One hears with increasing frequency that the country is moving into a depression or is even in a depression.
Such talk comes usually from younger people, those uninitiated in what it means to be in real economic doldrums. However, sometimes it comes from those who went through the Great Depression but who somehow have forgotten how rough it was in those days.
This reporter was a student at the University of Illinois then (class of '37 ). He vividly remembers how low the tuition was but how students waited in line , two blocks long at times, to defer these fees. This enabled them to pay a few dollars a week during the semester, all they could ''dig up'' from waiting tables or other odd jobs and from home where the pantry was also quite bare.
There was a steady stream of hoboes, as they then were called, coming through the university twin-cities of Champaign-Urbana. These were hungry men; and they were asking for work to pay for a meal. Some wandered from place to place in search of jobs, riding freights and sometimes the rods.
Although it was difficult to find a dollar, one could eat on that amount for a day. I got a good start on dealing with my own economic realities by having a chocolate milkshake for breakfast, piled high with ice cream by a young waitress who knew she was providing a meal not a dessert. It cost 10 cents. But a dime was very hard to come by.
Other memories of those days:
Little children, pulling a small wagon, going through garbage pails at the backs of houses, looking for food.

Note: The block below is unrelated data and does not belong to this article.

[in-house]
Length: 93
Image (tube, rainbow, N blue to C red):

The farm foreclosures. Hardly a day went by without someone on the outskirts of the twin cities--part of one of the richest agriculture areas in the world--losing his farm. There are farm foreclosures today. But, according to statistics provided by Secretary of Agriculture John Block, there still are relatively few compared with what went on in the Great Depression.
Recently I discussed the current economic climate with some farmers living in the area surrounding Champaign-Urbana. They said that farmers were indeed ''hurting,'' particularly those who raised grain. They were feeling the cost-price squeeze. The high interest rates, they said, were ''killing'' them.
''But,'' said one farmer, ''this is nothing like the Great Depression.'' Then ,he said, he was fighting to save his farm. Now, he conceded, were it not that he was making hardly anything on his investment, he would be considered by many affluent.
I also stopped by the university. Enrollment was up from about 11,000 in the '30s to 35,000. There were indeed recession-related problems. Some students were dropping out for lack of funds. Many others could not find enough money to enroll--in any college or university.
The university also faced the prospect of less and less support from funds provided by the state legislature. Hence it was making an unprec-edented effort to tap private resources.
But there simply is not the feeling of a big depression--in Illinois or in other regions visited by this reporter in recent months.
True, people are crimped financially and are having to cut back. Some are having to tighten their belts quite appreciably. But that is about all.
In industrial areas all around the US there have been big layoffs of workers. The unemployed are having their own private depression. But unemployment compensation and welfare helps out these days. Often the jobless worker has a spouse who works. Also, there is social security to help take care of Mom and Dad. None of this was around in the Great Depression.
When a big depression takes over, it hits everywhere. It hasn't taken over Champaign-Urbana and, except for pockets of high unemployment, it hasn't taken over the country.